Cem Özdemir: Obviously, one of the turning points was when Germany recognized birth rights [to citizenship] in 2000 when the Green Party first came to power. That was a challenging situation for Germany. [Politically], it’s unfortunate that we couldn’t go as far as we wanted as we lost the state election and had to make difficult compromises. Today, this means that 100,000 children are born every year to “foreign parents’, but only half of them get birth rights [to citizenship]. Why? Because you need to have 8 years of legal status in Germany to be eligible. So the children of refugees and asylum seekers’ are excluded; people who have lived less than 8 years in Germany are excluded. So Germany is still producing ‘foreign babies’ which is absurd. I mean if you are born in this country, you should be a citizen by birth. So I believe this is one of the tasks we still have to deal with. If we come into power again, I would like to extend citizenship rights and increase the number of those who can apply for citizenship.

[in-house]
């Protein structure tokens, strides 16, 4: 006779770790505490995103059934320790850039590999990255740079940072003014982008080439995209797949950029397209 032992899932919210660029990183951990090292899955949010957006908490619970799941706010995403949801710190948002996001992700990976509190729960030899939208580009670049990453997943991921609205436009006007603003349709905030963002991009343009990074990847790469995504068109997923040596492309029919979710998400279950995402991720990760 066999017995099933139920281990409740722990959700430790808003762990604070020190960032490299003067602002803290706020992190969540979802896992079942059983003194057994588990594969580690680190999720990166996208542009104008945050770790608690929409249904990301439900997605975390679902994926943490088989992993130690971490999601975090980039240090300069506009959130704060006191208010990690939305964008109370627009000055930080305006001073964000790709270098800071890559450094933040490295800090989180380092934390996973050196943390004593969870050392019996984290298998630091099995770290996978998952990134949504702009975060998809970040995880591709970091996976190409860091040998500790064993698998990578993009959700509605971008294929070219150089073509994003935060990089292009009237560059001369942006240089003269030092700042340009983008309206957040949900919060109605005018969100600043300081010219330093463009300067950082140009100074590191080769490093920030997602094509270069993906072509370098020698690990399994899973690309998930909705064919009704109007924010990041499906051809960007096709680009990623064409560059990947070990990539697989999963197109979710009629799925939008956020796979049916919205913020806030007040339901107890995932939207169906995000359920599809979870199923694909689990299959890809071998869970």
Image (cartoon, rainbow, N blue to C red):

Another crucial question that still needs to be addressed in German politics is whether it is good news or bad news when the number of citizenship applications goes down. It should be our goal that foreigners become citizens. Unfortunately, the current government still thinks it is good to introduce hurdles that make it less attractive to become a citizen. I don’t say that we should give citizenship in the market square to everyone. Of course, we need conditions. People have to speak the language. People have to stick to the constitution. There is no doubt about that. But why make it less attractive to become citizens? It is easier to talk citizen-to-citizen then to talk citizen-to-foreigner. But there is no consensus about that yet in German politics.